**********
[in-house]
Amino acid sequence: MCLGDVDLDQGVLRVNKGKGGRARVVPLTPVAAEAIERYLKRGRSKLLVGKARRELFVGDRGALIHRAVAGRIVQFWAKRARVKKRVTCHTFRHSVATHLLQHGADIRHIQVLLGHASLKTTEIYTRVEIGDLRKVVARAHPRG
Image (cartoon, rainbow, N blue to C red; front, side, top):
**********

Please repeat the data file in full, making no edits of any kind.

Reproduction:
[in-house]
Amino acid sequence: MCLGDVDLDQGVLRVNKGKGGRARVVPLTPVAAEAIERYLKRGRSKLLVGKARRELFVGDRGALIHRAVAGRIVQFWAKRARVKKRVTCHTFRHSVATHLLQHGADIRHIQVLLGHASLKTTEIYTRVEIGDLRKVVARAHPRG
Image (cartoon, rainbow, N blue to C red; front, side, top):